In a world completely dependent on synthetic polymer materials that do not naturally degrade, it is becoming increasingly important to find innovative ways to recycle and/or repurpose these materials.

Now, researchers from the University of Michigan, in collaboration with Procter & Gamble (P&G), have identified an energy-efficient way to repurpose a common polymer into another useful material, opening the door to a new area of research in chemical recycling methods. This development in polymer processing could reduce single-use product waste, and a reduction of reliance on petroleum for polymer materials. The results are published in an article in Nature Communications.

“Superabsorbent polymer (SAP), made with crosslinked poly(acrylic acid), or PAA, is useful because it can absorb 10,000% of its weight in water, but once you use that material and dispose it in a landfill, it’s going to sit there forever,” said P. Takunda Chazovachii, lead author on the project, who did this research while a graduate student in  U-M Chemistry's McNeil group.

Polymers like PAA are long molecules made up of smaller building blocks called monomers. PAA is synthesized from the monomer (acrylic acid) to form the polymer that becomes the SAP used in diapers and feminine hygiene products. The global annual production of SAP is over 2 million tons, and about 97% of that is used in baby care diapers, adult incontinence pads, and feminine hygiene products.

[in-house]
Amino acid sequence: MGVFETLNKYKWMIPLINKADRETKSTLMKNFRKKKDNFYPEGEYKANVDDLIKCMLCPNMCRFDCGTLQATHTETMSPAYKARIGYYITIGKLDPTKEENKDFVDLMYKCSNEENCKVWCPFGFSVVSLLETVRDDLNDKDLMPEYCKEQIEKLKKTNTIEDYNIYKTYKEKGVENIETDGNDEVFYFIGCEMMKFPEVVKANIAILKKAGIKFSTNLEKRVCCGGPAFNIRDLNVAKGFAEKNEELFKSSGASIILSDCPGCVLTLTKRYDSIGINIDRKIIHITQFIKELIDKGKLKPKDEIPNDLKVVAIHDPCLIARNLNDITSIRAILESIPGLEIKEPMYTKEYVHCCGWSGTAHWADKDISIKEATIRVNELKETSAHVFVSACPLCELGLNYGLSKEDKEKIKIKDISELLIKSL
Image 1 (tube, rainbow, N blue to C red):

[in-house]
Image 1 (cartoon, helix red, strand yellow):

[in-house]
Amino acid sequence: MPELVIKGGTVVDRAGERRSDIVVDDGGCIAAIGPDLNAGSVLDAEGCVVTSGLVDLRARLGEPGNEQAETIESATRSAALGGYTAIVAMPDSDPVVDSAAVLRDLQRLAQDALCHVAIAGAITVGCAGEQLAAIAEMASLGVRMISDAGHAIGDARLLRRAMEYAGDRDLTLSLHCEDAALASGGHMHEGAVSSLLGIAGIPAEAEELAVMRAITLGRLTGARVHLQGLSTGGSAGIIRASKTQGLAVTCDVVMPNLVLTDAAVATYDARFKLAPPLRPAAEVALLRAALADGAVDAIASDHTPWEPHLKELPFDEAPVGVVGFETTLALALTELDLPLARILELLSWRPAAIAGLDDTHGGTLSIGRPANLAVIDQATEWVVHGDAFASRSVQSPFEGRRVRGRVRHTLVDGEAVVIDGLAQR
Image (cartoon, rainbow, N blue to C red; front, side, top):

P&G expressed a desire to develop environmentally beneficial end of life options for SAP,  Professor Anne McNeil explained. “They wanted us to take the absorbent material in diapers and either break it all the way down to a monomer and bring it back up to a polymer again so they could chemically recycle the SAP, or repurpose it to other materials.”

However, breaking down a polymer into its monomeric form can be extremely difficult because of the stable bonds that hold the polymer together. McNeil explained that it ended up being thermodynamically challenging to break the backbone of the polymer all the way down to the monomeric form. Instead, the researchers designed a series of steps to create a different type of polymer from the original. “We decided to do a route where we convert one value-added material into a different value-added material, so it’s still kind of chemical recycling. We break some bonds to break down the polymer a little bit, make it a bit more soluble, and then we functionalize it,” McNeil said.